from Larval Subjects. Political theory and politics are always two different things. Change comes from the ground itself and those that organize and force power to capitulate. Theory creates weapons that can both help us to understand these strange new movements– these rumbling and unheard voices so unlike the platitudes that populate the ruling ideology that clogs the airwaves and newspapers –and can help to formalize these movements, intensify them, and create weapons for them. Today one of the most vital tasks is to once again put economics on the table as a site of politics, shifting away from the endless politics of identity.
larvalsubjects Says: November 9, 2008 at 4:50 am Ryan, I think you’re misconstruing my argument here. I did not make the claim that Obama won because of the economy, though certainly the current housing and Wall Street woes contributed to his victory. Rather, I made the claim that the election of Obama presents the opportunity to shift the focus of political struggle to economic issues. I think Nick makes the point nicely when he underlines that there’s a brief window of opportunity here to shift the grounds of debate. American politics has been dominated by the cultural and semiotic register for decades. It has revolved around questions of identity and group affiliations. This was true for much of this election as well. As a result of this focus, economic issues have been largely invisible. Sure, we talk about taxes, incomes, investments, etc., but we do not talk about the system of capital as such and what underpins it. It is taken as an unstated given and treated as a natural force that need not even be spoken and which is outside of the political altogether. Instead we content ourselves with analyzing culture, identities, promoting various rights, etc. What is interesting about economy is that it draws a transversal line across these competing identities, opening a space where the cultural and semiotic recedes into the background, and a shared site of struggle becomes possible. In many respects I see the focus on identity– whether it be religious, ethnic, gender, national, etc –as a sort of symptom in the psychoanalytic sense responding to global flows of capital that turn “all that is solid into air”. The distraught agent reterritorializes on identity as a last refuge in a world that is perpetually changing, precarious, and being undermined, and sets about locating an enemy as the sources of this precariousness.]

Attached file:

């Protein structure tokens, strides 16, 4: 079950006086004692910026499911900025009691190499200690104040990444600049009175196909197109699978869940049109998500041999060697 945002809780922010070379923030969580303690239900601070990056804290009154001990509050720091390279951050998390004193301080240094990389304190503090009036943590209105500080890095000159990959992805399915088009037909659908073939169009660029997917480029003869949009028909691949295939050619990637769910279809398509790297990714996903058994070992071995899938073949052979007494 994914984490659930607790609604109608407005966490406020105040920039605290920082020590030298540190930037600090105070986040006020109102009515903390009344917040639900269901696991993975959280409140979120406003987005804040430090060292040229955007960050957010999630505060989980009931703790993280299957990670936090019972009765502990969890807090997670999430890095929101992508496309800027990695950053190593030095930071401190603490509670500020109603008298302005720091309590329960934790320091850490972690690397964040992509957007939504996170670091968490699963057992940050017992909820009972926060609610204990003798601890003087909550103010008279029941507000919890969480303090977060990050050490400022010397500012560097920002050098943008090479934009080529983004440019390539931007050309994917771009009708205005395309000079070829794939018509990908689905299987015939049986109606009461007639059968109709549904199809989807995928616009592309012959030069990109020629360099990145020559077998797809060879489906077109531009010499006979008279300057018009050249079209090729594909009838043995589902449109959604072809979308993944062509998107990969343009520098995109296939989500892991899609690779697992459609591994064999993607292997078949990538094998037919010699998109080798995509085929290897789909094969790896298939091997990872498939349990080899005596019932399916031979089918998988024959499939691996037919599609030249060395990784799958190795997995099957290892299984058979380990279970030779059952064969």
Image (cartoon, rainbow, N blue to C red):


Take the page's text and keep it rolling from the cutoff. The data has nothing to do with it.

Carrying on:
[Why economists should study the origins of bargaining?
from Adam Smith's Lost Legacy by Gavin Kennedy
Having presented part 1 of my paper, ‘The Prehistory of Bargaining: a multi-disciplinary approach’, to the EAEPE in Rome, I had a conversation later with one of the participants about why I worked on such a subject, it being distant from the normal concerns of economics... I began the work almost accidentally while pondering why economists had so little to say about the ubiquitous behaviours of negotiation, which dominate human relationships, and not just in commerce. While teaching and writing about negotiation for many audiences, I had consumed fairly early on the sum total of books and papers appearing within the modern discipline, beginning with Zeuthen (1931) and Hicks (1931), Nash (1950) and onwards... Smith himself had much to say about how bargaining may have emerged with, for exampe, his parable of the deer and beaver hunters transacting by ‘higgling and bargaining’ to find a satisfactory ratio for their exchange. I was not satisfied that this was more than an attempted ‘explanation’ for an imaginary exchange for another purpose. That is why I widened my search beyond economics to history, eventually to prehistory, to evolutionary psychology, to anthropology, to sociology and beyond. Some part of this work is contained in my paper, ‘The Prehistory of Bargaining: a multi-disciplinary approach’, Part 1 of which you may download from the Lost Legacy Home page.] 11:52 AM
[You're right, Tim. I didn't see this coming. And I wasn't alone. People a lot smarter than I am didn't see it coming either. So what happened?
I should mention first that the few people who did see it coming were not necessarily any wiser than anyone else. Some of them had predicted nine of the last five recessions. A stopped clock is right twice a day. Even those who claim to have foreseen this mess couldn't make the case well enough to alarm very many other people. Where was I in 2005? (by Russell Roberts)
from Cafe Hayek] 12:39 PM
Chandrayaan-1 has entered the lunar orbit, and very advanced computing power is behind its success. But strangely, with the same level of computing and mathematical models, economists as well as analysts, not only failed to predict the current financial meltdown, but also are incapable of forecasting its future trajectory. [TNM]